Trailer park confessions: A Florida author exposes gay campiness

Trailer park confessions: A Florida author exposes gay campiness

Sawmill Campground meets the Parliament House in William Sievert’s new mystery novel, Sawdust Confessions. When he and his partner were first forced to live in a dilapidated trailer 10 years ago, Sievert knew there was excellent fodder for a story.

“I began envisioning a story about two urbane guys accustomed to gourmet restaurants, lavish travel and a gracious lifestyle, who act on their impulse to leave the city behind for the simplicity of rural trailer life,” Sievert says. “Sort of a gay Green Acres.”

After many trips to Dade City’s Sawmill Campground, he explains that living campground life was yet another source of inspiration for story-telling.

“Gay campgrounds are wonderful places to unwind—even though in my farcical tale everyone gets wound up pretty tight,” Sievert says.

Sievert_639298332.jpgSawdust Confessions explores the lives of the residents of a bucolic campground-like trailer park in Florida. The zany occupants include Phillip and Franklin, the innocent newcomer couple; Rusty Rhodes, a drag queen cabaret singer who is in the midst of gender reassignment; Diana DeLight, the social director who lured Rusty to the campground in order to manipulate her many talents; and Father Jack Hoff, the unofficial campground chaplain who hears late-night confessions in his patio tool shed.

At a time when imaginative, humorous and credible stories about LGBT people are few and far between, this breezy, conversation-driven novel delivers—for all kinds of readers. When resident drag queen Dusty disappears in the middle of a special performance, suspicion quickly falls upon the trailer-dwelling residents of Grape Court. Among the usual suspects are camp director Diana, whom Dusty has had grievances with; Mary Angelique, a former nun; and Philip and Franklin.

The secrecy and hilarity ensue when everyone at the camp does not want the cops to come investigate. The members of Grape Court (aka the Sour Grapes) hide information from the deputy sheriff, aided by a group of make-believe policemen who arrive and begin to worship each other. Learning to go beyond suspicion and to respect one another’s differences is the more serious message at the heart of the Sievert’s story.

Since publishing in February, Sawdust Confessions has received multiple rave reviews, Including one from the T-Cops Dispatch, a national online publication for the Transgender Community of Police and Sheriffs. The group appreciated his portrayal of police officers and major transgender characters.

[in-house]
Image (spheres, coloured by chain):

Sievert’s characters and setting spark familiarity with quite a few of his readers.  However, to the disappointment of some of his friends who hoped they would be portrayed, the characters are purely imaginary.

“They’re larger-than-life archetypes of people we’ve all known,” Seivert says. “I wanted them to be representative of the diversity you’ll find in many of our LGBT campgrounds as well as in our community as a whole—from skinny boy clones to uniform-worshipping bears, from strong-willed women to determined transgender folks.”

In regard to the uncanny similarity of the book title to a certain campground here in Florida, Sievert replies, “there is an affectionate tip of the hat to Sawmill, but none of the experiences or events in the book took place anywhere outside of my head.”

The Florida-based writer/journalist has referenced his Louisville Ky. grassroots background throughout most of his writing career. For more than a decade, he has contributed a continuing column on gay issues and humorous topics, including his trailer experiences, called “CAMPtalk,” to the magazine Letters from CAMP Rehoboth in Delaware. He also worked with that LGBT community-service group as director of its state-funded AIDS education and awareness project, CAMPsafe, in the late 1990s.

Before that, Sievert was the publicity director of the hit play Trailer Trash Tabloid, which had a long run at Parliament House starring Michael Wanzie and Doug Ba’aser.

Sievert has reported extensively on LGBT-related news and culture for four decades, including coverage of pivotal events of the post-Stonewall gay liberation era for Rolling Stone, The Chronicle of Higher Education and Mother Jones. His articles have appeared in numerous newspapers, including The New York Times, The Los Angeles Times and The Louisville Courier-Journal.

Sievert’s first book, All for the Cause: Campaign Buttons for Social Change, made Lambda Rising’s bestseller list. The book is a historical account of how the progressive social movements of the 1960s-1980s, from the causes of civil rights and peace to women’s and gay rights, enhanced one another. The book is lavishly illustrated with historical buttons from the era. He also co-invented and co-wrote the popular game “Gay Trivia” for Whitehall Games in the 1980s.

In recent years, Sievert has written on LGBT subject matter for magazines including Orlando Arts and Orlando Weekly. He was also Editor-in-Chief of the national Sunshine Artist Magazine and co-founder/editor of PULSE, a local arts and cultural magazine in Lake County.

Now residing in Mt. Dora with his spouse of 37 years, John Theis, Sievert is working on his next novel, Someday People, which is a politically angry young man’s coming-out story. It was intended to be his first novel, but Sievert says, “it still needs some work.”

His in-depth interview with Harvey Milk, originally published by The Advocate during Milk’s successful campaign for San Francisco Supervisor back in 1977, will be included in the forthcoming book and DVD package, The Harvey Milk Interviews: In His Own Words, to be released early this fall.

Fans will get a chance to meet the writer at the upcoming Gay Days Expo, June 3–5. Just look for the giant airstream mural.

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